As lawmakers in Washington mull legislation that will affect the tax treatment of carried interest, a standard form of compensation for general partners in limited partnerships and limited liability corporations, commercial real estate pros are debating whether the legislation makes sense and how much of an impact it will have, should it come to pass.
The proposed legislation would treat part or all of a partnership’s carried interest as regular income, as opposed to a capital gain. The legislation is primarily aimed at private equity funds and venture capitalists, but would have a huge knock-on effect on commercial real estate since many property investments are structured as LPs and LLCs. Carried interest is the portion of the venture profits paid to general partners of such structures after the property has been sold, separate from the fees the general partners earn for managing the property.
For example, if the partnership buys a regional mall for $100 million in 2010 and sells it for $130 million in 2017, the general partners would get a share of the $30 million upside, which would then be taxed as carried interest.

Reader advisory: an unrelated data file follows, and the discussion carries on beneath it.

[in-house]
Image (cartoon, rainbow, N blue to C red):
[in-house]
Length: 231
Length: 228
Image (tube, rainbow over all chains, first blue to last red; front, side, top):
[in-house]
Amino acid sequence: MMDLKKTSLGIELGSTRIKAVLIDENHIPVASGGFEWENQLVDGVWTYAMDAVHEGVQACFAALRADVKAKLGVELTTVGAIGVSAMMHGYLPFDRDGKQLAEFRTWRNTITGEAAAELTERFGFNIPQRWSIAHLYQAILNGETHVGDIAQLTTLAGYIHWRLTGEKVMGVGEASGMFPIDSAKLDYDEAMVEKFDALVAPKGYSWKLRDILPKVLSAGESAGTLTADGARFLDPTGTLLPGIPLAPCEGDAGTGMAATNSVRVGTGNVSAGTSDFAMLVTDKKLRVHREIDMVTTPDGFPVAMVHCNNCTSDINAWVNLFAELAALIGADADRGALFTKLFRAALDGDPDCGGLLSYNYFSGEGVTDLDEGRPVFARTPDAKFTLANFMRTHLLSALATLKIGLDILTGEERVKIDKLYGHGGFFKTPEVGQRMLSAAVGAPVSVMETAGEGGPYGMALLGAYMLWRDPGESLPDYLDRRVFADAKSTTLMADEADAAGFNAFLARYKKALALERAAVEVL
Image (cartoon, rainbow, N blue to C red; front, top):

If the legislation passes, the tax rate on carried interest would rise from the current 15 percent to 35 percent—the current highest income tax rate. However, should President Obama go through with the plan to let Bush-era tax cuts expire in 2011, the tax rate would be even higher—39.6 percent. Many industry trade groups, including ICSC, have made the case that higher taxes on carried interest would make real estate transactions less attractive and derail the nascent recovery in the commercial real estate market.
But brokers, tax lawyers and economists say that while the legislation will alter investments in real estate partnerships, it will not have an Armageddon-like effect on the industry as a whole.